You’d think that when retailers enhance their online shopping options, the goal would be increased online sales. Not so with Target, Gap and Rite Aid — which are adding new online tools with the hopes of boosting in-store sales.
Retailers love that price-matching guarantees attract shoppers. At the same time, they hate it when customers actually try to take advantage of these policies.
Brands have sought to partner with influential bloggers for nearly as long as there have been blogs, with ads, sponsored posts, and more. Lately, however, a new relationship between brands and popular social media practioners is …
In just over a week, Kmart’s 30-second “Ship My Pants” spot — go ahead, say it quickly — has received close to 13 million views online. The viral hit should give the struggling retailer some much-needed buzz. It might also call …
When successful, a store within the store will improve the appeal of both brands involved. That’s especially important for a retailer presumed to be on its deathbed.
With the launch of a new price-matching guarantee, electronics giant Best Buy promises “the end of showrooming”.
The cost of advertising in the Super Bowl is rising, running an average of $4 million for a 30-second spot—up from $3.5 million last year and just $42,000 back in 1967. To justify the expense, advertisers aim to present fans with something more than just another entertaining but ultimately forgettable commercial.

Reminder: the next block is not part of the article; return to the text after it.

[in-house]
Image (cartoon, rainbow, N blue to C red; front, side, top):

Drugstores are generally considered as little more than necessary and convenient. But now that some Walgreens boast nail salons, cafes serving sushi and smoothies, and impressive selections of beer, wine, liquor, and cigars, can …
Target is going on the offensive against showrooming: the cheap-chic retailer will now match the prices of identical items offered by competitors — even online competitors — year round.
Fast-food chains are seeping into places — and times of the day — that until recently were mostly fast-food-free zones
Too weird, too pretentious, too expensive, and, in the end, too out of step with what today’s arbiters of style deem cool. Those have been among the many critiques of Target’s multi-designer collaboration with luxury retailer Neiman Marcus — a partnership that was hyped to the hilt, and wound up as a major bust.